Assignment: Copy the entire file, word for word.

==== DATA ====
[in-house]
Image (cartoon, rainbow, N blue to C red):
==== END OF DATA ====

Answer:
[in-house]
Image (cartoon, rainbow, N blue to C red):